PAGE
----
When the war ended, Americans came home from the army with money in their pockets and job skills to add to the country’s industrial complex. It was a second time of prosperity defined by the “American Dream” characterized by a family owning a home, having 2 children and a car. As Americans individually pursued their dreams America become locked in a tense war of words with the Soviet Union. This “cold war” would last for almost 30 years fueled by spying and suspicion on both sides. It would end with the fall of the Soviet Union in the 1980’s. America plunged into another war when it delved into the Vietnam Conflict. Unlike World War II, this conflict had no clear objectives or cogent strategy. It lasted from 1959 until 1971 and over 58,000 American soldiers were killed during that time. Disputes about the Vietnam War lead to division among political parties and distrust for the government. After Vietnam, America tried to change its focus back to a time of prosperity with wavering results some economic property was achieved in the 1980’s and 1990’s but continuing issues involving governmental corruption and world politics kept it at bay. On September 11, 2001 America entered its latest battle, the war on terror, after terrorists hijacked 4 airplanes and flew 2 of them in to the World Trade Center in New York City, 1 into the Pentagon in Washington, DC and 1 which crashed in a field on its way to Washington. Over 2,900 people were killed in the attacks, leading the United States to enter in a series of actions aimed at ending terrorism world-wide. As part of those actions the United States invaded the nation of Iraq in 2003 and continues to be a military presence there.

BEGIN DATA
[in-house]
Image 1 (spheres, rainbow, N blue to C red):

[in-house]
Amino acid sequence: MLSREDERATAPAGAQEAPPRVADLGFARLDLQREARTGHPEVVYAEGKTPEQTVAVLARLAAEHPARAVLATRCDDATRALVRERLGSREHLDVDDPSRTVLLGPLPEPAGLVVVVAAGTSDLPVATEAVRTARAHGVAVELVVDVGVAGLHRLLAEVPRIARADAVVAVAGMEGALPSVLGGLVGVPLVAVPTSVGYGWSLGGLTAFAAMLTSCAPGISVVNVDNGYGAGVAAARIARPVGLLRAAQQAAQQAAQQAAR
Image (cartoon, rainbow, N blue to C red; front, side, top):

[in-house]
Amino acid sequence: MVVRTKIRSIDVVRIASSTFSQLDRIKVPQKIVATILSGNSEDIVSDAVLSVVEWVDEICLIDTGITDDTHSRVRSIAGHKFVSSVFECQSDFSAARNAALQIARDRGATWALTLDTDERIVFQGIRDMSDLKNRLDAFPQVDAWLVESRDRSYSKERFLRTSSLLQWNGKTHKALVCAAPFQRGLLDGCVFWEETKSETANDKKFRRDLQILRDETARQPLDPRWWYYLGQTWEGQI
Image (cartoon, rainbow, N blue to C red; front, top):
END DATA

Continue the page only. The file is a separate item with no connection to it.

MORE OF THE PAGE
Two hundred years after the founding of Jamestown, America is still a nation trying to grow and define itself as a superpower on the world stage.